The US-led coalition in Iraq will hand over power to a transitional government by June 2004, the Iraqi Governing Council has said.
The US will hand power to a transitional government
The announcement came after Iraqi leaders met the US chief administrator, Paul Bremer, in Baghdad.
Mr Bremer had earlier returned from the US, where plans for a faster handover were agreed at the White House.
The transitional body will prepare for a full sovereign Iraqi government by 2005, following a general election.
A BBC correspondent in Baghdad says the plan is a much faster route to Iraqi sovereignty than the one previously laid out.
New handover timetable
May 2004 - Formation of transitional assembly
June 2004 - Election of interim government
End of 2005 - Election of new government
The move comes in the context of daily attacks on coalition troops, which continued on Saturday with two US helicopter crashing in Mosul and fresh blasts in Baghdad.
Nevertheless, President George W Bush has insisted that US soldiers will remain in Iraq until it is "free and peaceful".
Council President Jalal Talabani - speaking after the meeting with Mr Bremer - said the transitional body would be selected after consultations with "all parties" in Iraqi society.
Sunni Muslim council member Adnan Pachachi said the move would "restore sovereignty" and give "a chance to a representative of the Iraqi people to represent Iraq".
President Bush described the revised handover plan as "an important step toward realising the vision of Iraq".
Meanwhile, 17 coalition troops were killed and five injured after two US Black Hawk helicopters came down in the northern city of Mosul.
Unconfirmed reports suggested one helicopter had been hit by a rocket-propelled grenade.
Earlier, one American soldier was killed and two wounded by a roadside bomb in the centre of Baghdad.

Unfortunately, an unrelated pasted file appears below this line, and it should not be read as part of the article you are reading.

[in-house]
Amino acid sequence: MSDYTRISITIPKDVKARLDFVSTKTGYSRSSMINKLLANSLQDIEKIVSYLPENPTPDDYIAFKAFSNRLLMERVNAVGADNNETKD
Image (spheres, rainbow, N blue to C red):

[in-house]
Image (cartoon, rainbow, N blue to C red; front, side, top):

Bremer is keen to accelerate the US handover
An explosion was also heard in Baghdad on Saturday at about 1635 local time (1335GMT), with black smoke seen rising over the city centre.
Insurgents are now mounting about 30 attacks a day and have killed at least 160 US soldiers in Iraq since Bush declared major combat over on May 1.
US forces in Baghdad have hit back in the past few days with "Operation Iron Hammer", employing air strikes to destroy buildings they say have been used by insurgents.
But more Iraqis have died in the guerrilla attacks than coalition troops - one estimate puts the toll at about 200 civilians since 1 May.
Under Mr Bremer's initial plan, a new constitution would have been drawn up before any transfer of sovereignty could have taken place.
But the new, speeded-up blueprint, gained positive reaction even before the announcement on Saturday.
"This is good for everyone," said council member Ahmed Chalabi, according to the New York Times.
"We will have the US forces here, but they will change from occupiers to a force that is here at the invitation of the Iraqi Government," he was quoted as saying.
Representatives of the majority Shia population also appeared pleased by the new proposal.
Ayatollah Ali al-Sistani, the most senior Shia cleric, had issued a decree that the constitution should be written by an elected body - not the US-appointed 24 member Governing Council.
"Instead of starting with the constitutional process, it will come at the end of the road," said Adel Abdel-Mehdi of the Supreme Council for the Islamic Revolution in Iraq (Sciri), quoted by the Washington Post.
The BBC's David Bamford, in Washington, says those who speak for the Bush administration have begun to justify this policy reversal as though it is not a reversal, but the next logical step.
The US hopes that this weekend's announcements will put its involvement in Iraq in a new light, that will have the effect of curbing the attacks on its military, he adds.